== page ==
September 14, 2004

Music Hacking - Observations

Recently, I got the environment working here on vader, first using just the beep program, and later with OSC messages to SuperCollider. I'm hearing a lot of static, though, which makes me think that kernel latency issues might be cropping up.


Getting the thing working with beep was easy (although Beep::Linux, like most other non-core modules, needed to be compiled from CPAN -- the OSC modules even needed a separate patch). Installing SuperCollider was likewise a snap, from Debian packages.

Trouble ensued. The biggest source of difficulty arose from my failing to understand that the sclang client is also an OSC server in it's own right, and that the messages from are actually intended for the language engine, to trigger routines that, in turn, tell SC to do stuff. So I wrote a launch script for SC so I could be sure of where it was, and a conf file for sclang for the same reason (and while I was at it, made sure everyone was automatically talking to Jack correctly, so I could stop constantly relaunching it and redefining the connections), and lo, the messages flowed, and beats resulted.

My suspicion is that if I can get Jack running at appropriate priority, the sound quality will be better. However, it may be the case that SC also needs priority.

Code ~= Tunes

Obviously, considerable experimentation will be needed to get anything pretty out, although I've already noodled around a bit with modular arithmatic as applied to both polyrhythms and manipulations of tone sequences, with not wholly unpleasant results.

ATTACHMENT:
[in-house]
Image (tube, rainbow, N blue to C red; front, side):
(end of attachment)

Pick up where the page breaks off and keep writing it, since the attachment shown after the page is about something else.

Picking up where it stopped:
The first works something like this:

{ ...
$s->play($note1) if ($beat % 4 == 0);
$s->play($note2) if ($beat % 7 == 2);
... }

Obviously, this will give you a recurring pattern with a period of 28 beats; throw in more moduli to ramp up the LCM and eventually you could wind up with a pattern of substantial length. This will not give you much in the way of tonal structure, though, which suggests the second approach:

{ ...
    @notes = qw( A B C D E F G );
    %m = ( C => 60, ... );
    $s->play( $m{ $notes[ $beat % 7 ] } );
... }

This will produce a really boring (and without some division, quite up-tempo) do-re-mi sequence. But throwing in some additional arithmatic:

@notes = qw( 60 61 62 ... );
{ ...
    $notes[ $beat % $#notes ] -= 3 if ( $beat % ($#notes - 2) == 3 );
... }

The result is that the (now once-initialized, rather than being continually reset) note list gets morphed over time, as individual elements are transposed. Since the morph period doesn't match the list length, the transposition will march through the list in LCM[ $#notes, $#notes - 2 ] time. There should be compensating up-transposing members in there as well, to make sure the notes don't run off the bottom of the scale -- but exactly when this happens depends on the relative modulii.

More experiments will follow. But for the sake of my ears, only after I have the sound quality issues worked out.

Posted by mill1974 at September 14, 2004 2:37 PM